• That is a disgusting comment to make! Glad she's not my manager. X

  • Awful, she needs reporting!

  • Think you're right x

  • Maud you need to take legal advice if that is what lm is saying to you. They should be helping you to stay in work especially if your able to work from home. Is there any way you could afford to cut your hours as it sounds like that would help you. If you can't speak to you hr and ask them what they can do if your lm is no good. I hope you soon get answers for the benefit of you. Hugs.xxx

  • These NRAS publications might be of interest to you.

    nras.org.uk/publications/wh...

    nras.org.uk/publications/i-...

  • I would be lodging a Grievance Complaint against your Line Manager. This is unacceptable and she is definitely out of order. When was the last time she attended a Disability Awareness Course? Some people open their mouths before engaging their brain.

  • This is discrimination. If you have any meetings document everything and take a support person who can witness what was said and also record it for you. Talk to your union rep. This is totally unacceptable in this day and age. If this is your line manager, report her and her comments to the next higher up.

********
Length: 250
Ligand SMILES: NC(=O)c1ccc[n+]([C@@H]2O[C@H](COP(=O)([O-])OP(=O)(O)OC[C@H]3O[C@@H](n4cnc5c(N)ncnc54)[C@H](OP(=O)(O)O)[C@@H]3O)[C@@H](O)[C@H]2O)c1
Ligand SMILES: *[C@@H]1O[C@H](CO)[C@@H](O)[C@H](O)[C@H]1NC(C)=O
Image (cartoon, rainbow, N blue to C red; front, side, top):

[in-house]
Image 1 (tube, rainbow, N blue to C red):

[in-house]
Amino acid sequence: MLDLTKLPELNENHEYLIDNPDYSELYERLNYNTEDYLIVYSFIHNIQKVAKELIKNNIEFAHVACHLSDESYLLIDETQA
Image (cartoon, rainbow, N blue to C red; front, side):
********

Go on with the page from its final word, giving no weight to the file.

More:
• Not that long ago people were saying that working from home would be the normal if the work can be done at home! Which seems sensible, as employers wouldn't have to pay for electric and all sorts of things, plus it would mean less pollution as there would be less people travelling to work whichever way they do and you are being discriminated for wishing to work from home if you are not well enough to go, disgraceful. I am sure this must be against the law! Mind you, I live in Cornwall and something that seems impossible to believe is that there was a meeting regarding accessibility to places for people in wheelchairs and would you believe a lot of the disabled people couldn't get into the meeting as there were a lot of steps to climb! So, after that I think I would believe anything from people. I am lucky in that I am 66 retired and do web design voluntary things and it's what keeps me going! If it were not for that, I would feel I had no purpose in life.

  • Trying to be a charitable soul, could your line manager have been trying to be sympathetic - meaning "If I were you, I would be off work with all you have to put up with"?

    Sometimes people just say the wrong thing when they mean something else.

    And because we are already feeling down, touchy, and irrationally guilty about being ill, we only hear the criticism or unsympathetic statement.